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Publication numberUS2959260 A
Publication typeGrant
Publication dateNov 8, 1960
Filing dateOct 17, 1955
Priority dateOct 17, 1955
Publication numberUS 2959260 A, US 2959260A, US-A-2959260, US2959260 A, US2959260A
InventorsJohnson Paul, Roy H Zeilman
Original AssigneeThew Shovel Co
Export CitationBiBTeX, EndNote, RefMan
External Links: USPTO, USPTO Assignment, Espacenet
Dual control system for cranes and the like
US 2959260 A
Abstract  available in
Images(8)
Previous page
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Claims  available in
Description  (OCR text may contain errors)

1960 P. JOHNSON ETI'AL 2,959,260

DUAL CONTROL SYSTEM FOR CRANES AND THE LIKE Filed Oct 17, 1955 I 8 Sheets-Sheet 1 Q Q N zzarq- I 8 N m l h N l L a v N i a Q Q LL 1 8| 9/ 00' ow- N m cu N INVENTOR.

a V PAUL JOHNSON. f ROY H. ZEILMAN s ATTpRNzYs Nov. 8, 1960 P. JOHNSON EI'AL 2,959,260

DUAL CONTROL SYSTEM FOR CRANES AND THE LIKE Filed Oct. 17, 1955 8 Sheets-Sheet 2 I6 Q I6 2.8 Z5

4a 42 36 45 a) 40 z 35 20 40 45 272; 46 4 I 39 z" 2 l IN V EN TOR-5 PAUL JOHNSON AND BY ROY H .ZE/LMAN A QTTOIQNE vs.

Nov; 8, 1960 P. JOHNSON EI'AL DUAL CONTROL SYSTEM FOR CRANES AND THE LIKE Filed 001;. 17, 1955 8 Sheets-Sheet 3 \Awx IN V EN TORJ 7/) UL JOHNS 0N AA/a BY 7P0) H Zf/LMA N TO RNE Y5- Nov. 8, 1960 P. JOHNSON ETAL 2,959,260

DUAL CONTROL SYSTEM FOR CRANES AND THE LIKE Filed Oct. 17, 1955 8 Sheets-Sheet 4 IN VEN TORS. PAUL JOHN!) ON AND BY ROY f-l. ZE/LMAN ORIVEVJ Nov. 8, 1960 P. JOHNSON ETAL DUAL CONTROL SYSTEM FOR CRANES AND THE LIKE Filed Oct. 17, 1955 8 Sheets-Sheet 5 v I u mam w T.

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Nov. 8, 1960 P. JOHNSON EI'AL DUAL CONTROL SYSTEM FOR CRANES AND THE LIKE Filed Oct. 17,- 1955 8 Sheets-Sheet 6 0 M M bw WNW M M Q 3 g mm he a! .3 o I W Z T W 2 I t4 A Ill {Q Ba 5 f F Q Mm: 5 E M Y t M m m Y 3 Q2 B mv Q @Q #2 Mn +3 3 v Y 5 E ma m3 Q 3: +1 $4 hQ Q 3 wk NE .02 5 m3 M3 @Q QQ SQ #3 NM 3% Q2 a5 03 0% p Q @m wwi Nov. 8, 1960 P. JOHNSON EIAL 2,959,260

DUAL CONTROL SYSTEM FOR CRANES AND THE LIKE Filed 001;. 17, 1955 8 Sheets-Sheet 8 s a Q N INVENTORJ '2"'"*""""W i eziifmx m v N 2 04ml.

ted States Patent DUAL CONTROL SYSTEM FOR CRANES AND THE LIKE Filed Oct. 17, 1955, Ser. No. 540,913

8 Claims. (Cl. 1923) This invention relates to a dual control system for self-propelled vehicles which comprise a frame having thereon a cab and a turntable, transportation of said vehicle generally being controlled from the cab, and the working operations of the vehicle are controlled from a housing on the turntable,

When vehicles of the above type such as cranes, power shovels and the like areoperated to perform the various jobs for which they are designed, it is often desirable to move the vehicle from one position to another while the job is being performed. When such is the situation it is very inconvenient for the machine operator to get out of the housing on the turntable of the vehicle, get into the cab, operate the controls of the vehicle to move it and then return to the housing to continue operating the working portions of the vehicle.

It is, therefore, the principal object of this invention to provide a control system for self-propelled turntable vehicles whereby transportation of the vehicle can be initiated and controlled from the housing on the turn table.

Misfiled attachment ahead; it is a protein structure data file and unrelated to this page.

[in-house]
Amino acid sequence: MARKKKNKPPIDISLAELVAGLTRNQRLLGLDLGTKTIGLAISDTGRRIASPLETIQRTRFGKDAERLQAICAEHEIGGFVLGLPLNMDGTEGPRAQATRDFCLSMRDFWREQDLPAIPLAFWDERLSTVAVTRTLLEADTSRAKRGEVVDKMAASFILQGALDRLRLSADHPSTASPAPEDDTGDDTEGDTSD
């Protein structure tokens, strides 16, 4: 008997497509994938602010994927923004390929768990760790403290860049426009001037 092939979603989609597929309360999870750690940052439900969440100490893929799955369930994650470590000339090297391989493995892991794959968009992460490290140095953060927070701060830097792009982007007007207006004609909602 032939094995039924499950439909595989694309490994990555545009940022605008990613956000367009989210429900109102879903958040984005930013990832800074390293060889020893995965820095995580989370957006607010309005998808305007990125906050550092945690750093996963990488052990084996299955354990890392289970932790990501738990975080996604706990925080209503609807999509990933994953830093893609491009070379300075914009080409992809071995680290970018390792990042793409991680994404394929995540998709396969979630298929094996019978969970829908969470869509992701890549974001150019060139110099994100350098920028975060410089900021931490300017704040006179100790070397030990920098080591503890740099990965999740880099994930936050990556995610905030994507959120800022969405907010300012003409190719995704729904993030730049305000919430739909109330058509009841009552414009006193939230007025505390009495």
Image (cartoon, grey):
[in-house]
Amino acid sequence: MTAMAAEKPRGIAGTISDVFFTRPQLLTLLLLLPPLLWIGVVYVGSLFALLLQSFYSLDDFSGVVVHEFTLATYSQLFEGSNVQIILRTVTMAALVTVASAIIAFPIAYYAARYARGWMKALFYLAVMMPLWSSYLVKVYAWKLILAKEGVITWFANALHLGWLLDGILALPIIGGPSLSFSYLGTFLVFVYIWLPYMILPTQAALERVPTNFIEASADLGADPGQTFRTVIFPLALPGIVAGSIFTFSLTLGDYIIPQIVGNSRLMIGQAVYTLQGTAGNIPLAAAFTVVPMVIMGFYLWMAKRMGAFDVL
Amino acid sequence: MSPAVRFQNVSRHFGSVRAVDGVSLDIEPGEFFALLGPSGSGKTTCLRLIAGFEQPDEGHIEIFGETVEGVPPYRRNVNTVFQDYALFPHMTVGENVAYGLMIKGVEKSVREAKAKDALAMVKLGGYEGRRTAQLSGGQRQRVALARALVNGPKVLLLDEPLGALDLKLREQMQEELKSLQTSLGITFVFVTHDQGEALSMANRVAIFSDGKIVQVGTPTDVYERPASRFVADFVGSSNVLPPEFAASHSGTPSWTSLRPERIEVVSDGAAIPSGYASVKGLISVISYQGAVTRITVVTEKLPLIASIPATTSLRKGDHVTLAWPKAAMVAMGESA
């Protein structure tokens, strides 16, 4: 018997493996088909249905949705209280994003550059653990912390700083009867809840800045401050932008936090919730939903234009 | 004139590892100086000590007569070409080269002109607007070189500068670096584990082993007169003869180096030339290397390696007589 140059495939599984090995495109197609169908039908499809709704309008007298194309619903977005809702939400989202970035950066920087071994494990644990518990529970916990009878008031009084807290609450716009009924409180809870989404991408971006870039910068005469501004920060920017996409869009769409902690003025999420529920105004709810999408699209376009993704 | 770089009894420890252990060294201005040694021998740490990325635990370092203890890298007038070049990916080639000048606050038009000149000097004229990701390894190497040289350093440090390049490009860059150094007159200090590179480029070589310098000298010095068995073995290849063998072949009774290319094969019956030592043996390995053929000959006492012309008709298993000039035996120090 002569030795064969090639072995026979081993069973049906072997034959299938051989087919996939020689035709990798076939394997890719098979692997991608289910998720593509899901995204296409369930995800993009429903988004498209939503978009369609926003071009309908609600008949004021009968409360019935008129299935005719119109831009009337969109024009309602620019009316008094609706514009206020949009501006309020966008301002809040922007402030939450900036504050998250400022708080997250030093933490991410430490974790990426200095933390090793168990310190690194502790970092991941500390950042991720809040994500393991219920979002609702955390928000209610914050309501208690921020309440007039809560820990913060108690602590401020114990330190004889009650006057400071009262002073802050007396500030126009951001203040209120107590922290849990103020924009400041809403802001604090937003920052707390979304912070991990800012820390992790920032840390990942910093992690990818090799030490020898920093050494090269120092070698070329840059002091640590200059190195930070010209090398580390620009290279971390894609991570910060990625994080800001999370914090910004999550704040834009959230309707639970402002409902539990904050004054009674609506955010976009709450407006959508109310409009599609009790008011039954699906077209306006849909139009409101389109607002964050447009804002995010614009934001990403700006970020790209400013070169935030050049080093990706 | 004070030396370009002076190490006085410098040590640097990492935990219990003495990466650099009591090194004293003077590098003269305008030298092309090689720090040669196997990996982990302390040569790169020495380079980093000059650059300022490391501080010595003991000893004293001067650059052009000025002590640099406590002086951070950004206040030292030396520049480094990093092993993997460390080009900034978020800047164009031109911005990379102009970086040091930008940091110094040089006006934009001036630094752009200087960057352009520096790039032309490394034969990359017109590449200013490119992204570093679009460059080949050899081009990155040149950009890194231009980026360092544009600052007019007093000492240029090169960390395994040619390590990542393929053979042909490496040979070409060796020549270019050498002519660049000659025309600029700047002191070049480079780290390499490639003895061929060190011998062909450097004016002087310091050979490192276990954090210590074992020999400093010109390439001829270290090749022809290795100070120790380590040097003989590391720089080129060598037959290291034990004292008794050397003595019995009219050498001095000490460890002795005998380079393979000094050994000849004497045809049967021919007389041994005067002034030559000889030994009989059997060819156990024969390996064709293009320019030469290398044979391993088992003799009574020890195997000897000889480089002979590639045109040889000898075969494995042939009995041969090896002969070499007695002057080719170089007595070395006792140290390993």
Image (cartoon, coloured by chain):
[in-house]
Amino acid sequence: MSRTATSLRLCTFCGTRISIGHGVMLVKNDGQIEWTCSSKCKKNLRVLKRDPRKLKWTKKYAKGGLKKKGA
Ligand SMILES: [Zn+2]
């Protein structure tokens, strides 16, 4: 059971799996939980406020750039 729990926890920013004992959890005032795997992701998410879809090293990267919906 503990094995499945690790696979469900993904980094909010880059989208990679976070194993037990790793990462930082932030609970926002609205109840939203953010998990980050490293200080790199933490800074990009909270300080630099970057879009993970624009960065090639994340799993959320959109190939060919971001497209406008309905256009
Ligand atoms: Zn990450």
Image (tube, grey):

It is a more specific object of this invention to provide a control system of the type described wherein the controlling elements extending from the housing to the cab of the vehicle cannot become tangled or damaged by rotation of the housing with respect to the frame. 7

It is a further object of this invention to provide a control system for the transmission of the vehicle where by the transmission can be shifted into either low or reverse and whereby the control system will shift the transmission into neutral automatically when either the low shifting or reverse shifting control on the turn: table is dc-energized.

It is a further object of this invention to provide a control system for the starting circuit of the vehicle engine whereby the engine cannot be started when the clutch between the engine and the transmission is engaged.

It is a further object of this invention to provide a control system for the throttle of the vehicle engine whereby the speed of the vehicle engine will be increased to an adjustable predetermined point when the vehicles brakes are released, I

It is a further object of this invention to provide a single Wire electrical control system operable from the housing on the turntable whereby the ignition and starting switches of the vehicle engine can be shorted out.

Other objects of the invention will appear as the description proceeds.

To the accomplishment of the foregoing and related ends, the invention, then, comprises the features hereinafter fully described and particularly pointed out in the claims, the following description and the annexed drawings setting forth in detail certain illustrative embodiments of the invention, these being indicative, however, of but afew of the various ways in which the principle of the invention may be employed.

In the annexed drawings:

Fig. 1 is a schematic diagram of the pneumatic portion of the control system of our invention;

Fig. 1A is a side elevational view of a vehicle partially broken away illustrating schematically the various pneumatically, controlled components of our control system.

Fig. 2 is a side elevational view partially in section of the upper part of the rotary seal on the turntable of the vehicle;

Fig, 3 is a side elevational view partially in section of the lower end of this rotary seal;